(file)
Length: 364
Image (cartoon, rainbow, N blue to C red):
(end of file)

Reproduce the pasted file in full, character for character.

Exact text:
Length: 364
Image (cartoon, rainbow, N blue to C red):